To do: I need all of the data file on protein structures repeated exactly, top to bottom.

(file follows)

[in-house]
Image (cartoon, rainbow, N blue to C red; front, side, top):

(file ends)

[in-house]
Image (cartoon, rainbow, N blue to C red; front, side, top):